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On Last Week Tonight, he started out by calling the coronavirus “the Timothée Chalamet of viruses, in that you’d barely had time to learn its name before suddenly it was fucking everywhere.”
He then moved on to talk about the importance of testing, noting that test kits are “alarmingly scarce” in the U.S.
He quoted a story in The Atlantic calling “the testing fiasco the original sin of America’s pandemic failure” because, Oliver added, “had testing caught the cases in this country early, we could have managed the virus through contract tracing and targeted quarantine, but that did not happen. So the virus spread widely, forcing us to use the blunt instrument of making everyone stay at home. A lack of testing goes to the very heart of how we got into this situation, and the truth is, broad testing is our only safe way out of it.”
He cited data saying that, at minimum, the U.S. needs to be testing 500,000 people a day, but a good target would be 35 million a day. Currently, only 200,000 people are being tested on a daily basis.
“We thought tonight would be a good time to ask, what the fuck happened?” Oliver said.
He broke down the two kinds of tests that are being developed: diagnostic tests, in which “a giant swab is stuffed up your nose,” and antibody tests.
He noted that the World Health Organization recommended testing protocol earlier this year, but the Centers for Disease Control and Prevention decided to create its own test. However, the tests didn’t work properly due to contamination. On top of that, theCDC took weeks to create a workaround to make them usable, Oliver said. Meanwhile, private labs were hampered by bureaucratic regulations.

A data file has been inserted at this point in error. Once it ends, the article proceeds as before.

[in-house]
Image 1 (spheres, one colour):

He cited data showing that only 472 people in total were tested in the U.S. during the same time frame that South Korea, with one-sixth the population of the U.S., had completed 55,000 tests.
As for antibody tests, there are 150 currently on the market, but none of them has been FDA approved. Paraphrasing an expert, Oliver said that “many of tests are garbage and over half of the positive tests right now would be wrong.”
He added: “Look, some confusion is inevitable when a new disease starts spreading its way around the world, and it’s not like rolling out testing on this kind of scale was ever going to be easy, but again and again, the people in charge failed to prepare for the worst-case scenario and have been slow in fixing mistake. All of which means, in May, we are still playing catch-up in the middle of a pandemic, which in turn, means thousands upon thousands of people dying preventable deaths.”
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The Flight Attendant